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About the Maps
For each species, we feature an image of a Virginia map showing the distribution of its wild populations, broken down by county and region. Each species is found in areas of suitable habitat throughout its marked range. The frequency at which it is found is shown in red, as seen in the key above. While looking at the maps, it's important to remember that these show the natural dispersal of each species, and when species are shown as less frequent, this is typically from a natural lack of suitable habitat in the area. For example, if a species is shown as very infrequent on its map, it is likely because this species prefers a specialized habitat that isn't found often throughout Virginia (such as high elevation rock cliffs, etc.). This same species may be common in another state that has more of an abundance of this habitat, where as Virginia is just not meant to support larger populations of this plant.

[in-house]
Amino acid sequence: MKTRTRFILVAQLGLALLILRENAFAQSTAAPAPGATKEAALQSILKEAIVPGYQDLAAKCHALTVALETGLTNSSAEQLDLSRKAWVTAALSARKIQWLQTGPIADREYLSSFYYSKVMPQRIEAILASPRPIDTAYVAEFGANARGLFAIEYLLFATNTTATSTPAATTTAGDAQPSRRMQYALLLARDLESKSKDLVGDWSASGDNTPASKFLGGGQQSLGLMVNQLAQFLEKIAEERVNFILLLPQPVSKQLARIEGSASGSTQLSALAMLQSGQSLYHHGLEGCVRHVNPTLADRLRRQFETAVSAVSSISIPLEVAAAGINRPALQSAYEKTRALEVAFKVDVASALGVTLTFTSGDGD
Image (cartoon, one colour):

Info credit for all maps: Digital Atlas of the Flora of Virginia, vaplantatlas.org
-Flora of Virginia (2012)
-Peterson Field Guides: Wildflowers Northeastern/Northcentral North America, Roger Tory Peterson, Margaret McKenny
-Piedmont Native Plants: A Guide for Landscapes and Gardens
-National Wildlife Federation: Field Guide to Trees of North America, Kershner, Mathews, Nelson, Spellenberg
-Newcomb's Wildflower Guide, Lawrence Newcomb
-Digital Atlas of the Virginia Flora, vaplantatlas.org
-Illinois Wildflowers, illinoiswildflowers.info
-Virginia Native Plant Society, vnps.org
-The Xerces Society, xerces.org
Wet Soil, Sun
This group includes natives that naturally thrive in areas with direct sunlight for 3 or more hours a day and soil that stays wet. Many of these species are taller, bushier plants, as they have ample amounts of moisture for growth. The different species that dwell in this type of landscape typically bloom throughout summer, with the major flowering time arriving in late summer and early fall. Sedges and rushes play a key role in wet environments.